Doctors are (actually) humans too!
If you’re a nurse over the age of 40, you probably grew up believing that doctors were “superior beings” who possessed great wisdom and knew all things. That is, of course, until you became an experienced nurse or went to work in a teaching hospital…
There once was a patient who we shall refer to as “Mary.” Mary had every possible system in her body fail during the YEAR in which she stayed in our teaching hospital. She was every resident’s nightmare because there was no escaping her! She was being seen by every service through which they all rotated: pulmonary, surgery, renal, endocrine, cardiac, neuro, etc. The only specialties which did not involve Mary were pediatrics and OB.
One midnight in the ICU (Mary’s home), the nurse noted that she could not get Mary to respond to any stimuli. This was back in the day before CT scans were running 24/7–it took at least a full hour to do a brain scan.
The resident of the month for neurology, a rather brash, cocksure and arrogant young man, arrived in his green scrubs and white coat, proceeded to go through his bedside exam and then decided that a lumbar puncture was indicated. So we collected the necessary equipment, arranged Mary in the desired position and stood by to assist.
At first all was well. The site was cleansed with the proper solution and numbed up. The area was draped and the equipment was ready. All that remained was to insert the needle and tap the spinal fluid to see if it was clear, measure the CSF pressure and collect samples.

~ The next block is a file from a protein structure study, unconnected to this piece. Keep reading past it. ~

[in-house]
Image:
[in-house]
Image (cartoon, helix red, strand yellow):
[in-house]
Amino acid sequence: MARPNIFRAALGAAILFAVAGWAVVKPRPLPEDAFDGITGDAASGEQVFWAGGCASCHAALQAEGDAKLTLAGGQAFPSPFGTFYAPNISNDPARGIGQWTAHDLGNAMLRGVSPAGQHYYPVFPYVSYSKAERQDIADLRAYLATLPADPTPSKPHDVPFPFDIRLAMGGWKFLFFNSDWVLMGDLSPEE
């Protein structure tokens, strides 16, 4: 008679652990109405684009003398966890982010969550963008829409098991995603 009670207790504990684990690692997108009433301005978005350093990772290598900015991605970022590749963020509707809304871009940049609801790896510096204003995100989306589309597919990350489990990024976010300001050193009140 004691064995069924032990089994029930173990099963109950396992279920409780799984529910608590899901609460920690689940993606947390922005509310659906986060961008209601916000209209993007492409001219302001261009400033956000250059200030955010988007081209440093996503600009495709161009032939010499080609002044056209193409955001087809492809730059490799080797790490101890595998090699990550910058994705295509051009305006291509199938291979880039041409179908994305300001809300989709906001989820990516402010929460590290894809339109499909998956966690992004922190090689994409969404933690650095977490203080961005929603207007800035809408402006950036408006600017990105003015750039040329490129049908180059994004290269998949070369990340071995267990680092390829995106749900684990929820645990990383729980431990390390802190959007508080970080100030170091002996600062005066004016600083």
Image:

(At this point it must be said that this particular resident, during his FIRST week in the Med/Surg/Trauma ICU, announced that all of the nurses there were morons. But that’s another story…)
He then picked up the spinal needle, inserted it and attached the vertical manometer–which immediately CLOTTED off! He was SO excited! He looked around and announced that Mary had suffered a “massive cerebral hemorrhage” and “YOU (nurses) are all witnesses!”
Even when I asked him: “Are you SURE that you did not hit the vein?” (because you do at least try to save these people from themselves), he stated: “Absolutely NOT! Mary has ‘stroked out’ and I found it!”
He then ran to the station and wrote an ENTIRE page of notes relating this event for the record.
But (and this is the punch line) just before dawn, Mary WOKE UP!
She then had a CT scan of her brain, which showed absolutely NOTHING. The attending neurologist repeated the lumbar puncture, which was crystal clear and with a normal pressure.
She continued to haunt the residents for many months after that eventful night.
“Experience is a brutal teacher, but you learn. My God, do you learn” –C.S. Lewis
Nurse Rene has been an RN since 1978; CCRN since 1989 and attained a BSN in 2010. She has worked in virtually every specialty from Neonatology to Neurosurgery and is a Member of Sigma Theta Tau International Nursing Honor Society with a particular interest in helping students and new grads develop to their full potential. She's been married for 33 years and has a keen interest in history and in current issues as nursing continues to develop as a Real Profession. When not spoiling the grandchildren, she enjoys sewing, cooking, kayaking, camping and travel. She likes all music which does not hurt her ears, watching NCIS, Leverage, Top Gear and Criminal Minds and reads books written by Clive Cussler, Miss Manners, Erma Bombeck and Tom Clancy. She enjoys collecting Quotations for use in her writings.
By Nurse Rene